Is the deejay a wannabe? Or does the D.J. just want to be? When is heaven capitalized? Do you stand in line or on line?
For anyone who writes—short stories or business plans, book reports or news articles—knotty choices of spelling, grammar, punctuation, and meaning lurk in every line: Lay or lie? Who or whom? None is or none are? Is Touch-Tone a trademark? How about Day-Glo? It’s enough to send you in search of a Martini. (Or is that a martini?) Now everyone can find answers to these and thousands of other questions in the handy alphabetical guide used by the writers and editors of the world’s most authoritative newspaper.
The guidelines to hyphenation, punctuation, capitalization, and spelling are crisp and compact, created for instant reference in the rush of daily deadlines. This revised and expanded edition is updated with solutions to the tantalizing problems that plague writers in the new century:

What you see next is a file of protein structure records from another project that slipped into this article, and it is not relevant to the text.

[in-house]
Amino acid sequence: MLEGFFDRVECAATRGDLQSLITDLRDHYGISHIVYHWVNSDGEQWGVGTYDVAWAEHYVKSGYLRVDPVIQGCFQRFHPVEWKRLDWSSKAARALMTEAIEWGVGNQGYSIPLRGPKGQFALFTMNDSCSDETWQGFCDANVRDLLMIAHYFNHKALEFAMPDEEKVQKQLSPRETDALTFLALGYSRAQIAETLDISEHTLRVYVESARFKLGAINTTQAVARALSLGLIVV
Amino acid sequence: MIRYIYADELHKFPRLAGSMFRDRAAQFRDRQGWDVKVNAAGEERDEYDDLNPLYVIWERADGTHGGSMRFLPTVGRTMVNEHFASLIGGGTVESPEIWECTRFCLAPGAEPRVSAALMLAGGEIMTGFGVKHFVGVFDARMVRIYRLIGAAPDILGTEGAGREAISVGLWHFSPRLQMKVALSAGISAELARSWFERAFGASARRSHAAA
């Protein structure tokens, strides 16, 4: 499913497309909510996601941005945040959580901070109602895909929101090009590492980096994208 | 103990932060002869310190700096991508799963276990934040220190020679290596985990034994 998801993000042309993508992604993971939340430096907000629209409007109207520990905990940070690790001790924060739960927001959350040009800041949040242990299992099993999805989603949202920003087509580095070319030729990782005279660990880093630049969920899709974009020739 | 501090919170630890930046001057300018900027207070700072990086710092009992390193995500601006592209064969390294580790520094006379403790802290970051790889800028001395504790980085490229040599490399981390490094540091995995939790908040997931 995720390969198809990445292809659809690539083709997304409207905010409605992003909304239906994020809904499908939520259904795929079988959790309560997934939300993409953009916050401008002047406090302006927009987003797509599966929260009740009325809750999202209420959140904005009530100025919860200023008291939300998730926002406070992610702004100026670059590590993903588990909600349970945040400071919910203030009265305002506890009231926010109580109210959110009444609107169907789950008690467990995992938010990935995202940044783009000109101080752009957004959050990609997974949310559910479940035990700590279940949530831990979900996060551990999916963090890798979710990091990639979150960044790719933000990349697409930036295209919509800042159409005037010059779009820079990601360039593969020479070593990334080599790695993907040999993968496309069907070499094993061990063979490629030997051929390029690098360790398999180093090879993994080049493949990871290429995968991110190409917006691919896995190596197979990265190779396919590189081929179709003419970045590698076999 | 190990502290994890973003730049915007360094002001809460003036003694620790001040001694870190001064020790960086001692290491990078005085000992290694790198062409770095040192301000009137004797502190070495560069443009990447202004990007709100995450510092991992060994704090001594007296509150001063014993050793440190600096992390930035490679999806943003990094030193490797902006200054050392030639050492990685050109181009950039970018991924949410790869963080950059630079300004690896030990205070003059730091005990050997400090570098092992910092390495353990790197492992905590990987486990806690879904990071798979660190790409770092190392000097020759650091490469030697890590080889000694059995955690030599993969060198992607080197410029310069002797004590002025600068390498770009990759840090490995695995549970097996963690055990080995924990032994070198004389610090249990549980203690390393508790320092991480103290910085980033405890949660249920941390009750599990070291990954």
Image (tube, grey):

* How to express the equality of the sexes without using self-conscious devices like “he or she.” * How to choose thoughtfully between African-American and black; Hispanic and Latino; American Indian and Native American. * How to translate the vocabulary of e-mail and cyberspace and cope with the eccentricities of Internet company names and website addresses.
With wry wit, the authors, who have more than seventy-five years of combined newsroom experience at the New York Times, have created an essential and entertaining reference tool.
Allan M. Siegal
About Allan M. Siegal
ALLAN M. SIEGAL joined the New York Times in 1960. He has overseen usage and style at the Times since 1977. After working as an editor on the foreign desk and heading the news desk, he became an assistant managing editor in 1986. WILLIAM G. CONNOLLY joined the Times in 1966 and has held editing posts on the foreign, national, and metropolitan desks, The New York Times Magazine, Science Times, The Week in Review, and the Real Estate section. He became a senior editor in 1987.
The New York Times Manual of Style and Usage, Revised and Expanded Edition by Allan M. Siegal and William G. Connolly